First published on Blogcritics
How do you romp through a millennia or so of British history, painting a picture of life, events and characters? Heading away from the usual lists of kings and queens, or thematic examination of classes and groups in society, Lucy Worsley’s gone for the purely domestic in If Walls Could Talk: An Intimate History of the Home.
And an entertaining, comfortable read it makes. She strolls from medieval great halls to 1970s Habitat bedrooms, with their wonderful innovation of the duvet, a far stretch from the domestic drudgery of the Victorian bedmaking – which as Worsley explains she’s tried out, hands-on, for herself as a television presenter.
If you’ve encountered a fair bit of social history there won’t be a lot of surprises here – the explanation for medieval and early modern people apparently sleeping half-sitting being sapping bed ropes I’ve read many times before, also that it was normal for ladies to go “commando” (as Worsley puts it – her casual modern language is sometimes entertaining and sometimes a bit grating) in the 16th-18th centuries, when huge skirts made any other arrangement hopelessly impractical.
But I did learn plenty of new things – including the fact that evening sleep was expected for many centuries to be in two parts, first and second sleep (which particularly made sense in long winter evenings). Worsley notes that a 17th-century French doctor recommended that between the two was the best time to conceive children – because then couples would have “more enjoyment” and “do it better”.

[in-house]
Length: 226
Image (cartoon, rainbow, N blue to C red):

And that a garderobe was so called because the ammonia-rich environment would kill the fleas in robes hung there. (I already knew about the laundry use of urine, but did rather enjoy the 19th-century account of wealthy foxhunters having their red coats so douched by their servants, probably, as Worsley notes, without their knowledge.)
There were some errors of fact that did give me cause for concern – the heroine of The Women’s Room didn’t run off to Harvard to study literature to avoid housework, but was divorced and forced out of that role, and it wasn’t the class difference between the Earl of Castlereagh and his valet that scandalised peers enough to have him executed, but the act of sodomy. I wouldn’t rely on this work for any academic purpose.
As you’ll gather there’s rather a lot about sex in this book – Worsley’s clearly learned what sells books and television shows – and you do sometimes wish for a little more social analysis and explanation, but that’s perhaps not quite fair. This is clearly signposted as an entertaining read that will add to your trivia knowledge rather than your historical understanding, and it delivers on those terms.
Nonetheless, there’s an interesting conclusion which ventures on to very different ground – with a broad consideration of how the past can teach us about the necessarily low-carbon future, when homes will again need to use much less energy and be far more environmentally sensitive. Worsley notes: “I myself live in a tall glass tower, built in 1998, and must agree with Francis Bacon, who condemned the great, glass-filled palaces of the Jacobean age. In a house ‘full of Glass’, he wrote, ‘one cannot tell where to become to be out of the Sun or Cold’.” (p. 322)